I then unmounted and created a new VHD. I made sure my install.wim was present in my file server as referenced, copied over the VHD to my Hyper-V server, changed the VM to use the new VHD and sure enough it booted, formatted the disks and laid down the image. Note you are putting a password in the file, this is not ideal. Also not if your password contains special characters you may have to escape them in the batch file or they won’t work correctly, for example if you password contained % you actually need %% in the string!

The next step was to try this in Azure. I created a storage account in Azure, added an Azure Files share and uploaded the install.wim file to it. I changed the autolaunch.bat to map to the Azure Files share instead of the local file share (along with the path to the WIM file). It therefore became:

And execute to:

To upload the VHD to Azure and create an image from that uploaded file I used the following PowerShell. This is important. Trying to upload from other tools or the Azure portal seems to leave the VHD in a strange state and unusable.

From here I created a new VM from my image. I used PowerShell below to create my VM. Note I’m enabling boot diagnostics. This allowed me to view the console even if I couldn’t interact with it. Therefore I had some idea what was happening

I then jumped over to the portal and via the Support + Troubleshooting section – Boot diagnostics – Screenshot I could see it deploying in Azure (updated about every 30 seconds or so).


This worked! The OS installed and strangely I could RDP to it even though I never enabled this, it had the right name, it had the Azure agent installed. What trickery is this and then it hit me. I never added my own unattend.xml file. All I did was apply a 2016 image to a disk and it rebooted. Basically the same as if I had used a template with 2016. The ISO file that Azure automatically creates when deploying a VM that contains an unattend.xml file and other setup files still got created, still got attached and was therefore still used. This was good but also bad as I wanted to use my own unattend.xml file to further prove we could customize.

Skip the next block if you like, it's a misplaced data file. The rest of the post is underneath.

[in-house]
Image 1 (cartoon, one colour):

The next step was to generate my own unattend.xml file and use it. At this point I didn’t want to keep having to rebuild the VHD every time I made a script change and so I broke apart the logic so the autolaunch.bat just connected to the Azure Files, partitioned the disk then copied down an imageinstall.bat file and executed. This way I could change imageinstall.bat on the file share whenever I wanted to change the functionality. autolaunch.bat became:

And imageinstall.bat which was placed on the file share became:

I created a new VHD with the reduced autolaunch.bat and uploaded to Azure (and created a new image after deleting the old one with Remove-AzureRmImage -ImageName $imageName -ResourceGroupName $rgImgName).

Now I’m jumping over a few steps here but basically I created an unattend file to set a default password, have a placeholder for the computer name, enable auto mount of disks, move the pagefile to D:, enable RDP and required firewall rules and also launch the install.cmd that Azure normally runs. This would install the agent, register with Azure fabric etc. Because I place my unattend.xml in the windows\panther folder it overrides any found on removable media, i.e. the Azure one! My unattend file was:

Now in this file I have a placeholder string for the computername, TSCAEDPH . I wanted to replace this with the computername specified on the Azure fabric. How would I get this from inside the guest? Well Azure has an endpoint at that can be called from within a VM and basic information can be found and so I created a PowerShell script that would find the computername and update the unattend.xml I had copied to the panther folder of the deployed image:

This was saved as unattendupdate.ps1 on the Azure Files share as well which now contained the install.wim, unattend.xml, imageinstall.bat and this ps1 file. Fingers crossed I kicked off a new VM build. It worked. It used my unattend.xml file but still got the Azure agent etc installed. It also still renamed the local administrator account to that specified as part of the VM creation as that happens as part of the Azure install step process which I was now calling from my unattend.xml file.